Primary gastric lymphoma (PGL) is a rare lymphoma, and among them, diffuse large B-cell lymphoma (DLBCL) variant accounts for about 59% of cases [1
]. Nowadays, chemotherapy regimens, such as the combination of cyclophosphamide, doxorubicin, vincristine, and prednisone (CHOP) and rituximab (R-CHOP), have been considered as the front-line therapy for primary gastric DLBCL [2
]. The treatment response and the outcome of patients affected by primary gastric DLBCL have been reported to be different and heterogeneous, according to histological and clinical features [1
]. The potential usefulness of fluorine-18-fluorodeoxyglucose positron emission tomography/CT (2-[18
F]-FDG-PET/CT) in the study of Hodgkin’s lymphoma (HL) and aggressive NHL has been widely validated both in staging, restaging, and treatment response fields [3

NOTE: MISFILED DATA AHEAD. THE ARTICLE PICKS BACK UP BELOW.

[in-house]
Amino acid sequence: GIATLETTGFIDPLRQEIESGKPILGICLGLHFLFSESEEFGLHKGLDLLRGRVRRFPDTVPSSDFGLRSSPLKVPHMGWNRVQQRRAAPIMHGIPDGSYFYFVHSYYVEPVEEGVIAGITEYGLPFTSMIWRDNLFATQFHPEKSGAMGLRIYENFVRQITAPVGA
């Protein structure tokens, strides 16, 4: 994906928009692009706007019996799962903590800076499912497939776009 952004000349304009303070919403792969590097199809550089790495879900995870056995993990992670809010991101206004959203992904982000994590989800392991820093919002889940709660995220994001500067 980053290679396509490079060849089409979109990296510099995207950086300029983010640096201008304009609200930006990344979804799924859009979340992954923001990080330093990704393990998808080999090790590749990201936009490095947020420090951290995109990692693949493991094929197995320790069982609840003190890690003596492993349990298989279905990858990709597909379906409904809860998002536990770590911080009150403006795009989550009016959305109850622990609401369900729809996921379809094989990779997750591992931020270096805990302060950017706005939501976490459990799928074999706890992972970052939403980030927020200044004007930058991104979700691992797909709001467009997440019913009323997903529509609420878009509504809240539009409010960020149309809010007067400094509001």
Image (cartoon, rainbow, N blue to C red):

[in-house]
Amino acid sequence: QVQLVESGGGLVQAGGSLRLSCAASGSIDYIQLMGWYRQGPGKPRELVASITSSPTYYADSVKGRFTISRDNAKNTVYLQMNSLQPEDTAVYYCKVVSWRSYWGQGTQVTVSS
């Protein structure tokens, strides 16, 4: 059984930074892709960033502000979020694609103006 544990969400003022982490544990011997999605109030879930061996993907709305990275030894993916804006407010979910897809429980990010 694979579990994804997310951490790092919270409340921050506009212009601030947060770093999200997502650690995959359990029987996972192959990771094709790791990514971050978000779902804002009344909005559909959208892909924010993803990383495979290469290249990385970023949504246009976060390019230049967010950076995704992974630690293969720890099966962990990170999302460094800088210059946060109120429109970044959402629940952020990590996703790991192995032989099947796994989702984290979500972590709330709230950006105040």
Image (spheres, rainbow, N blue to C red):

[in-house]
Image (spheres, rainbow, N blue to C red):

]. However, the usefulness of 2-[18
F]-FDG-PET/CT in primary gastric lymphoma is unclear and directly related to the histotype of lymphoma. For gastric mucosa associated lymphoid tissue (MALT) lymphoma, the FDG-avidity rate is widely variable and correlated with morphological and histological features [5
]; while for gastric DLBCL the PET/CT detection rate is optimal [7
]. Moreover, considering the metabolic behavior of DLBCL at 2-[18
F]-FDG-PET/CT, this tool and their metabolic parameters are recommended for prognostic assessment and management in DLBCL [10
]; however strong evidences about the prognostic role of semiquantitative 2-[18
F]-FDG-PET/CT variables in primary gastric DLBCL are lacking, with only promising findings [12
The aim of our study was to investigate the potential role of pretreatment PET/CT parameters in predicting treatment response (at end of treatment) and prognosis in patients affected by primary gastric DLBCL.